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Jewish World Review / Sept. 29, 1998 / 9 Tishrei, 5759

Don Feder

Don Feder Letter from ex-soldier highlights defense peril

AFTER STARVING THE MILITARY for five and a half years, the president says defense is now a priority.

"I commit to you that the men and women of our armed forces will have the resources that they need to do their job," the anti-war activist turned commander in chief pledged to a group of Pentagon officials.

Of course, that guarantee depends on the way he defines "resources," "need" and "job" -- and you know how eccentric Clinton's definitions can be.

Following years of level funding adjusted for inflation, and after the joint chiefs told him that they can't defend the country and meet our increasing (and increasingly odd) obligations abroad with what they have, the president is considering a 3.5 percent to 7 percent rise in defense spending in the next budget.

But money is only part of the New Clinton Army's problems. A letter from Pat made that depressingly clear.

I've known Pat (not his real name) for a decade. He's a retired career Army officer who did three tours in Vietnam -- only one of them "official." In his current position with a high-tech security firm, he visits bases around the country and gets off-the-record input from men on active duty.

"The U.S. military, across the board, is in the worst state of combat readiness that has ever existed, at least in modern times," Pat writes. "The ideal poster child for today's Army is not George Patton, but George Armstrong Custer."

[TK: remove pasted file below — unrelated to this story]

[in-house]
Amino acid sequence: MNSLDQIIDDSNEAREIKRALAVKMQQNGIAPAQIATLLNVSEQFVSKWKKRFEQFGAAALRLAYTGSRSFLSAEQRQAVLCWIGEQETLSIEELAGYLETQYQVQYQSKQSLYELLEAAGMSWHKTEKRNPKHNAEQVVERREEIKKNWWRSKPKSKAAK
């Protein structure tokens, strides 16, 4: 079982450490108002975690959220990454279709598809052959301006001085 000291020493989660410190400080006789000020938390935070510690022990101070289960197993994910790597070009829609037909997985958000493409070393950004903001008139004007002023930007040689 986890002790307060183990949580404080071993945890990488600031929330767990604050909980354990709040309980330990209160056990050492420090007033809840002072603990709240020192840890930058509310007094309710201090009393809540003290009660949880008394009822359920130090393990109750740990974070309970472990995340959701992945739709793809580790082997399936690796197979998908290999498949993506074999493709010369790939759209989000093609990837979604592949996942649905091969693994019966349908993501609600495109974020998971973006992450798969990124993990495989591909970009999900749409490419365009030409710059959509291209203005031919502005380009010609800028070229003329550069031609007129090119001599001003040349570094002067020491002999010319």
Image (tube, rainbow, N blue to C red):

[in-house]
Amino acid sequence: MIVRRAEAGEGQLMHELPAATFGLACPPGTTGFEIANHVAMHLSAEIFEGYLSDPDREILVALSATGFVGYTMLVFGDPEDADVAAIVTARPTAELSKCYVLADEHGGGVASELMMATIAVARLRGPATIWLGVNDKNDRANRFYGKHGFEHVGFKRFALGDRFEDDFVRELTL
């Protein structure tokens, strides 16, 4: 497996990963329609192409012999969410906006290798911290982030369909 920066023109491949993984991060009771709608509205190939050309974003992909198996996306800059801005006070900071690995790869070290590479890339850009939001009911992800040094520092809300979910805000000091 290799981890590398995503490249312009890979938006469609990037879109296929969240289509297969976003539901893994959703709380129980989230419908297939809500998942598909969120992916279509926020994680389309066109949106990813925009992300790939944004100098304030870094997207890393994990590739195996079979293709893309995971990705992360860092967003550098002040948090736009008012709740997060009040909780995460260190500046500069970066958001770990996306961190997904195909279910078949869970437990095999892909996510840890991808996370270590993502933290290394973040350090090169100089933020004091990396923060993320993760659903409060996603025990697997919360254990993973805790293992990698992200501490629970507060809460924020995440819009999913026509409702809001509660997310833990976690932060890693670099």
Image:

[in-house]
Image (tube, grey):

What about those can-do troops who won the Gulf War? "The first item of 'wisdom' is that although our military today is smaller, it is smarter and far superior to anything we had in the past. This is just plain not true. I have worked with militarily trained 'computer technicians' who did not know basic terms and concepts, and who really weren't interested in learning."

He's even less impressed by their superiors. "Our alleged military leaders are almost all politicians in uniform, concerned with personal advancement, not with the welfare of their troops or with winning wars."

None of this is to deny the devastation of budget cuts. "Pilots can train for combat only by flying airplanes. But there is no money for fuel and aircraft maintenance. I have been told by more than one Air Force master sergeant that the reason there is so little flying going on is because money is constantly being diverted to Bosnia.

"The Navy may be in the worst shape because ships consume a great deal of fuel. Maneuvering warships in training exercises 'burns up' a great deal of money, as does firing the large weapons that they have."

Funding aside, Pat argues that our combat readiness is being sacrificed to the gods of gender equality. He cites two examples.